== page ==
NCAA golf notebook: Southern Cal expands lead to 17 strokes entering final round

Thursday began with Southern California looking to preserve a double-digit lead over the rest of the field.

The Trojans emerged from a wind-blown start to Round 3 of the NCAA National Women’s Golf Championships with not only their advantage intact but with it bigger than in the morning with a 3-under 285 at the UGA Golf Course. Southern Cal will go into today’s final round at 19 under with a 17-stroke lead on second place Duke.

“I’m excited to play tomorrow and I’m glad we could keep that cushion,” Southern Cal junior Sophia Popov said. “I was really worried at the beginning when it was so windy and I think that’s why I was so nervous. It’s easy to say, ‘Well you guys have a 14-shot lead. But that’s almost a harder position to be in because you have to protect that instead of being super aggressive. You have to be a little more conservative in how you approach the golf course. I think we’re going to have to do the same thing tomorrow but try to stay aggressive at the same time and try to have fun out there.”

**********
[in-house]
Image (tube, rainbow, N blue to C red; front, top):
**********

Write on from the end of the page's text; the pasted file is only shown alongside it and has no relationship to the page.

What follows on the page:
Southern Cal started the third round at 16 under and 14 strokes ahead of then-second-place Alabama. The Trojans finished the third round at 19 under, 17 strokes ahead of second-place Duke at 2 under and 28 strokes ahead of Alabama, Purdue and UCLA at 9 over.

Thursday’s leaders played in the afternoon, which started with swirling winds on the course. But by the end of the rounds, the winds had lifted. The groups with USC, Duke and Purdue will start teeing off at 12:59 p.m. The groups with Alabama, UCLA and Arizona State start teeing off at 11:53 p.m.

“I think it’s incredible that we increased our lead because we’d seen a little bit of it drop off in the middle of round,” Southern Cal coach Andrea Gaston said. “Things were a little bit iffy because there are some key holes on that back side. It doesn’t make it an easy ride because everybody’s got to still wake up in the morning and be healthy and swing their clubs and sign scorecards. It’s all about taking care of business.”